PHIL 41150: Political Philosophy
Dr. Robert Lane
Lecture Notes: Monday January 27, 2003


[6.3.] The Analogy of the Cave.


In Book VII (514a-518b; pp.128-130) of the Republic, Plato asks us to imagine a group of people chained from birth inside a cave, seeing only shadows cast by puppets held before a fire burning behind them. They are restrained so that they cannot even see each other or themselves. These prisoners would take the shadows to be real things.


If one of them were suddenly released, he would find it difficult to look at the fire which casts the shadows and more difficult still to face the sunlight thrown upon the visible world outside. Eventually, though, he would be able to do this and even to contemplate the sun itself.


Since the trip is extremely difficult for most people, the escapee is compelled, after having ‘seen the light’, to go back into the cave to try to get others to see. When he enters the cave, at first he won't be able to see anything. To those still chained in the cave, it will appear as if his eyesight had been destroyed -- they will think he had suffered some terrible harm by leaving the cave. And if he tried to help them escape from the cave they would resist -- perhaps going so far as to kill him.


Socrates tells Glaucon that the cave corresponds to our visible world and the fire-light to our sun. The ascent to the outer world is the upward journey of the soul in the intelligible realm. In the world of knowledge, the very last thing to be apprehended, and apprehended only with great difficulty, is the Form of the Good, just as the sun would be the last thing to be beheld by the cave’s occupants. The road up from the cave is difficult, but the trip is worthwhile because the sun is worth seeing, i.e., to agathon is worth knowing:


In the world of knowledge, the essential idea of the good is the limit of what can be seen, and can barely be perceived; but, when perceived, we cannot help concluding that it is in every case the source of all that is right and beautiful, in the visible world giving birth to light and its master, and in the intelligible world, as master, providing truth and mind--and that whoever would act wisely, either in private or in public, must see it. (517c, p.130)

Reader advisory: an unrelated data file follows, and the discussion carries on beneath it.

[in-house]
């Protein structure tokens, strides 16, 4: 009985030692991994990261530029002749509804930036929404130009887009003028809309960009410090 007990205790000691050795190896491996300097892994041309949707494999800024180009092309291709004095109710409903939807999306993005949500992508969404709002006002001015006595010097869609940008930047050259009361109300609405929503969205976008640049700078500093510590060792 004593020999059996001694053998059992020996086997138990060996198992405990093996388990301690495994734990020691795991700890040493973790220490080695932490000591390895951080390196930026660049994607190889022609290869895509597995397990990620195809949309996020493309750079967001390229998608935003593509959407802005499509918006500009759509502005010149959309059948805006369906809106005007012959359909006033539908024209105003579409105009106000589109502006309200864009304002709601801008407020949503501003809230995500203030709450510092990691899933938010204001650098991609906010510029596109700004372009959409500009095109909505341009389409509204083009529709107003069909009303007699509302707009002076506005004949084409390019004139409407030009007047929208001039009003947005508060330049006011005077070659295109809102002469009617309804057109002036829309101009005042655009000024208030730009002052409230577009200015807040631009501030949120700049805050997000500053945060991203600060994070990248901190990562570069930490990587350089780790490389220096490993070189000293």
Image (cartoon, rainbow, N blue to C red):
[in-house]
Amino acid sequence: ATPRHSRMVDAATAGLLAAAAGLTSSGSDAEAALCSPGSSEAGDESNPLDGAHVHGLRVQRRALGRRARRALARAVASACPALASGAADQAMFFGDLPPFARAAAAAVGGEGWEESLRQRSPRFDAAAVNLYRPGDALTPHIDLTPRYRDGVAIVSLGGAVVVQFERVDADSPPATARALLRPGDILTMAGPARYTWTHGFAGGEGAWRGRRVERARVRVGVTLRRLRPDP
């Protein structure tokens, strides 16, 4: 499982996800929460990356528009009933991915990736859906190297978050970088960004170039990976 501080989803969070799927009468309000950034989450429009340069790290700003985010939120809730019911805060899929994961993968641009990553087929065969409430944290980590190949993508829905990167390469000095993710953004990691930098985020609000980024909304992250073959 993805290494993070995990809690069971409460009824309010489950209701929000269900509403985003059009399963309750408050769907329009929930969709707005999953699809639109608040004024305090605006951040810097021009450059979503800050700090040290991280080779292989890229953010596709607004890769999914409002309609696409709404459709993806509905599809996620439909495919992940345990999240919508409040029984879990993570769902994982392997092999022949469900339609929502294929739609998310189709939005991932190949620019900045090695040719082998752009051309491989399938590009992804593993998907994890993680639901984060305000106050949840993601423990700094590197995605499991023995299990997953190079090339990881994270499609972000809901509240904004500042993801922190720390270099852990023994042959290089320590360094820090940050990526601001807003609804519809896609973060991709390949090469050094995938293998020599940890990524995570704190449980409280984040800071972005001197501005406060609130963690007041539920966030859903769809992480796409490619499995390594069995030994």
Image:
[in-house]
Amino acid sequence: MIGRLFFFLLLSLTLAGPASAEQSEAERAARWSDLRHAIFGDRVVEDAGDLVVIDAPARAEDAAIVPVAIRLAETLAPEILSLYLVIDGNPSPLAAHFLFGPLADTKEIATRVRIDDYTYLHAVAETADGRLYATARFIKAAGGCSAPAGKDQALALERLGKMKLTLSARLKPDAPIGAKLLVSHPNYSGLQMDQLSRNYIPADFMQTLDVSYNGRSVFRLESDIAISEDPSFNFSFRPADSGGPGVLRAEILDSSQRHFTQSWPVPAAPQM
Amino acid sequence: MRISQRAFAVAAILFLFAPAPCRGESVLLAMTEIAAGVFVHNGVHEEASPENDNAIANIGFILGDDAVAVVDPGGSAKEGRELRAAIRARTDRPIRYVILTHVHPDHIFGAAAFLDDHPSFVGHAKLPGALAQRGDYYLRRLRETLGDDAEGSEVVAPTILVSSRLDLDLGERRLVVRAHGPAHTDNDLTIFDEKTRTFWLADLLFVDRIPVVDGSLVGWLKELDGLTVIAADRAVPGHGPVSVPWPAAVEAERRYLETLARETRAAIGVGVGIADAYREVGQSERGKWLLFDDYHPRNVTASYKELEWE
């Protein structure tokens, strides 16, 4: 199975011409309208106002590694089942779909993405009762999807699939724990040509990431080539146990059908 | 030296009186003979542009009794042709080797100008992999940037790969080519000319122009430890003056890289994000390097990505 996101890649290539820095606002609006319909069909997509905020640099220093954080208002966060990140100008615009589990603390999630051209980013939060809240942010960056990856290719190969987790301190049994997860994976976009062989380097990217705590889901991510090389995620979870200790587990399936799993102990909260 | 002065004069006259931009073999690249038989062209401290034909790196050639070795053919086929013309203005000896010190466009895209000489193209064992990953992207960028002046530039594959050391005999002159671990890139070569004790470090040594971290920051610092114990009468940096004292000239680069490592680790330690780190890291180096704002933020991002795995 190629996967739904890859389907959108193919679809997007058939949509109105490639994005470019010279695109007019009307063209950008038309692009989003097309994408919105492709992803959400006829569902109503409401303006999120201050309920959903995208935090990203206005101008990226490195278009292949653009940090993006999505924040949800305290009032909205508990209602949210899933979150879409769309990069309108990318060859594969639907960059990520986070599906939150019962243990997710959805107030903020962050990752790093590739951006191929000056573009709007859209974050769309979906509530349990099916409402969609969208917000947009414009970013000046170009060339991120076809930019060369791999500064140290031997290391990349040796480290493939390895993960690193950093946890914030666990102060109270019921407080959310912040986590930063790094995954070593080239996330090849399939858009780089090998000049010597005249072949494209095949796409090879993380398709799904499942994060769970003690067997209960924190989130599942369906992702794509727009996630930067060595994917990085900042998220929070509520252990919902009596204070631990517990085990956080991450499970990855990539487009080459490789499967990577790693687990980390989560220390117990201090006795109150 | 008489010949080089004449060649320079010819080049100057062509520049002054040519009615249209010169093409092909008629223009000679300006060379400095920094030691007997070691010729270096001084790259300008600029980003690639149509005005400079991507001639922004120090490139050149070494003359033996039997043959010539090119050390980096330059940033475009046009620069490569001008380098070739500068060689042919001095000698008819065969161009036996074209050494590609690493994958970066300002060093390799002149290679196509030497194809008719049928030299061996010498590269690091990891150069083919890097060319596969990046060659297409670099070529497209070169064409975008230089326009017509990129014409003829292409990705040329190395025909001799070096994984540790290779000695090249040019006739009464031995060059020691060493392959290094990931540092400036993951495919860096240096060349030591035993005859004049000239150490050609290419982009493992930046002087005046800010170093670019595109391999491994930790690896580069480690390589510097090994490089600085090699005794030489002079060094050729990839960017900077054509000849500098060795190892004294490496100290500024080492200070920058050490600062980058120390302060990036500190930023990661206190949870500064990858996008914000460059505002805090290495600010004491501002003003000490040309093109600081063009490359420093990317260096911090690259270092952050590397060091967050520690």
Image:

·         those who make the ascent / come to know the Forms become "unwilling to take part in the affairs of men" (517c, p.130)-- to deal once again with day-to-day affairs or the material (and less-than-completely real) world

·         if forced to deal with such things (e.g. to appear before a court of law with regard to a question of justice), he who knows the Forms will appear to those who do not know them to be "awkward" and "ridiculous" (517d, p.130)



[7.] Education (Republic Book VII).


One of the central claims of Plato's political philosophy is a partial answer to our Question 4: What should a Political Society do?

·         Plato believed strongly that one of the primary responsibilities of a PS was to educate its citizens. (This is in contrast to the prevailing view in Athens during Plato's lifetime, which was that education of the young was a personal, familial responsibility.[1])

·         He thought that the ideal polis would educate everyone, not just those who will become rulers and auxiliaries. But only those capable of becoming rulers will be fully educated.


(The following details come from a chunk of Book VII that's omitted by Cahn):

·         All people (including women) would receive a primary, general education until the age of 18, followed by two years of military training.

·         For most, education ends at this point. But a select few who show intellectual skill and pass certain tests enter into a probationary period of further training to become guardians. This period begins with ten years of intellectual training emphasizing mathematics. At various times candidates are pruned out during this period and given lower-ranking offices in the guardian class.

·         Those who get through this period enter into a five-year period of philosophical study (and the pruning continues as before).

·         Those who make it through (now in their 35th year) begin 15 years of high-level government administrative work, and during this time they undergo further tests of character.

·         At the end of this period, at age fifty, they are admitted into the highest class, the rulers or philosopher-kings, whose time is split between ruling the polis and the further study of philosophy:


...the time has now arrived at which they must raise the eye of the soul to the universal light which lightens all things, and behold the absolute good; for that is the pattern according to which they are to order the State and the lives of individuals." (Rep bk. VII 540a-b; Jowett trans.; not in Cahn)


So one of the ultimate goals of this process of government education is the production of a class of rulers who know better than anyone else what's good for the community as a whole. They will be experts at governing, just as physicians are experts at health.


Here Plato is absolutely rejecting the democracy that obtained in Athens during his lifetime. He did not think that everyone (not even every adult male citizen) had the moral right to participate in governing. For Plato, you should not be allowed to participate in running the polis unless you have the requisite knowledge, i.e. unless

(1)    you are born with the requisite innate abilities; and

(2)    you undergo decades of appropriate education.


Allowing a "regular Joe (or Jane)" on the street to participate in guiding the polis would be no better than allowing him or her to prescribe a course of medical treatment for a disease. Only those who are experts at ruling (and who've proven themselves to be so over the many years of education, testing and work) have the moral right to rule.


[1] Schmandt, A History of Political Philosophy p.52.

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